29 See Administrative Committee on Coordination (ACC), Statement on the Role and Functioning of the Resident Coordinator System (1995), available at ; see also ACC, Guidelines on the Functioning of the Resident Coordinator System (Sept. 1999), available at . The latter guidelines clarify, among other things, that UN operational activities should be “in conformity with the objectives and priorities of the Government and mandates and objectives of the [UNsystem] organizations,” and that resident coordinators’ functions should include policy dialogue, advocacy, and liaison with the OHCHR and civil society. Id., para. 9 (emphasis added). Human rights responsibilities are fleshed out more specifically in separate ACC guidelines, see note 140 infra. The resident coordinator function has since been endorsed by intergovernmental bodies in the context of the TCPR process, and to some extent the SWC process.

30 Intergovernmental decisions during the SWC process prompted moves to create a “firewall” between the programs of the UNDP and its support of the resident coordinator function, to safeguard the resident coordinator’s independence and representativeness of the UN system as a whole. See infra text at note 231. However, even in countries where there is a UNDP country director to run the UNDP’s programs, a falling out between the resident coordinator and government partners can seriously complicate project implementation and authorizations on the government side.

31 Statement of the United Nations Secretary-General, UNDP Statement and QʖA on Charles Petrie, UN Information Centre, Yangon, Press Release (Nov. 3, 2007), at (follow “Latest News” hyperlink).

32 Id.

33 See, e.g., Jonathan, Steele Sudan Expels Top UN Official over War Reports , Irish Times, Oct. 23, 2006, at 9.

34 “Members of the Council deeply regretted the decision taken by the Sudanese Government to terminate the tenure of the SRSG ... in the way it did. The Members of the Council fully support the actions taken by the Secretary-General’s statement made by him in this regard.” Annan Confirms Pronk Will Serve out His Term as Top Envoy for Sudan, UN News Centre Press Release (Oct. 27, 2006), at (statement by then Council president, Amb. Kenzo Oshima of Japan).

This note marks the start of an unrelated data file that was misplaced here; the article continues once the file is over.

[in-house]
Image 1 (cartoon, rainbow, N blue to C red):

35 However, the former SRSG was critical of what he perceived as lack of sufficient support from both the United Nations and the Security Council. Weblog No. 40 (Jan. 14, 2007), at (“[T]he Sudanese decision had been clearly aimed at undermining the mandate given by the Security Council to the UN Mission in Sudan. . .. The Security Council does only talk. It does not act. The UN bureaucracy is afraid to risk friendly relations with a member state. This is exemplary [of] the relation between the Security Council and Sudan from the very beginning.”).

36 United Nations Office for the Coordination of Humanitarian Affairs, UN Rep Expelled After Comment on President’s AIDS Cure, IRIN Humanitarian News and Analysis (Feb. 23, 2007), at; Musa, Saidykhan Gambia Expels UN Rep over AIDS Cure Grills, Afrol News, Feb. 23, 2007, at .

37 UN Office for the Coordination of Humanitarian Affairs, supra note 36.

38 On interim administrations, see, for example, Frédéric, Mégret & Florian, Hoffmann The UN as a Human Rights Violator? Some Reflections on the United Nations Changing Human Rights Responsibilities , 25 Hum. Rts. Q. 314 (2003) [hereinafter Mégret & Hoffmann, HR Violator?]. On the Security Council, see, for example, August, Reinisch Developing Human Rights and Humanitarian Law Accountability of the Security Councilfor the Imposition of Economic Sanctions , 95 AJIL 851 (2001); John, Mueller & Karl, Mueller Sanctions of Mass Destruction , Foreign Aff., May 1999, at 43; and Roger, Normand Iraq Sanctions, Human Rights and Humanitarian Law , 26 Middle E. Rep. 40 (1996). On peacekeeping, see, for example, Chiyuki, Aoi Cedric, de Coning & Ramesh, Thakur Conclusion: Can Unintended Consequences Be Prevented, Contained and Managed? in Unintended Consequences of Peacekeeping Operations 268 (Chiyuki, Aoi Cedric de, Coning & Ramesh, Thakur eds., 2007); and Florian, Hoffmann & Frédéric, Mégret Fostering Human Rights Accountability: An Ombudsman for the United Nations? 11 Global Governance 43, 4445 (2005) [hereinafter Hoffmann & Mégret, HRAccountability], And on refugees, see, for example, Guglielmo, Verdirame & Barbara, Harrell-Bond Rights in Exile: Janus-Faced Humanitarianism (Studies in Forced Migration, Vol. 17, 2005).